Via Gene Callahan:
“Reading James C. Scott’s excellent Seeing Like a State. He gives, as an example of how land was traditionally held, the following: “Rural living in seventeenth- and early eighteenth-century Denmark, for example, was organized by ejerlav, whose members had certain rights for using local arable, waste, and forest land. It would had have been impossible in such a community to associate a household or individual with a particular holding on a cadastral map.”
This is just an example of the way land was typically held before the current system of clearly defined freehold of lots was imposed by the state on a reluctant society, and not by any process of “mixing one’s labor” with virgin land. Land was owned by communities first.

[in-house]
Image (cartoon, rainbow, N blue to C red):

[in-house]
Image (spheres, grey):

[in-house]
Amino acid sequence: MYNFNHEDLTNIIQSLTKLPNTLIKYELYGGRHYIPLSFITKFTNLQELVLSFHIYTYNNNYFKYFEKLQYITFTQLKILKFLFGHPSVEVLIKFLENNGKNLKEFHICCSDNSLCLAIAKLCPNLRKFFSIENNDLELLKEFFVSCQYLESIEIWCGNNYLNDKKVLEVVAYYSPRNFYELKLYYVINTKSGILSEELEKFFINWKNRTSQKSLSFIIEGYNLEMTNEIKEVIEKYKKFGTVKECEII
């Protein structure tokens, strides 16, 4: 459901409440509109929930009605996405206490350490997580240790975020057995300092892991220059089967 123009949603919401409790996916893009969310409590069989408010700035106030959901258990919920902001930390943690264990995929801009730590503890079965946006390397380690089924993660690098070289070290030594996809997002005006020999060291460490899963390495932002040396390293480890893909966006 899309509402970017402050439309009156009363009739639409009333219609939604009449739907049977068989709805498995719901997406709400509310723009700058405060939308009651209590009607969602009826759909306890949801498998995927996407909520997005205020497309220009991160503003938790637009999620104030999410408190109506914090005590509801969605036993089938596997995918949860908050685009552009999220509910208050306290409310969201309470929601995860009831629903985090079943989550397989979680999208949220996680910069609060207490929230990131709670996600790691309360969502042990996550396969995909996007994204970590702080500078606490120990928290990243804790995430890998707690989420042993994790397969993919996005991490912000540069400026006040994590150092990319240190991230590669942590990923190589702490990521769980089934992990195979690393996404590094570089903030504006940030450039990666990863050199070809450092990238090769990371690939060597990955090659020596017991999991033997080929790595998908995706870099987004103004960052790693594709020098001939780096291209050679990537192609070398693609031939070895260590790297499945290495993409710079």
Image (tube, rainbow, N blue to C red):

I fully anticipate the objection, “But communities can’t own anything!” Like “Only individuals choose,” this is an obvious falsehood which is embraced precisely because it defends radically individualistic property arrangements against the force of historical truths such as those noted by Scott.”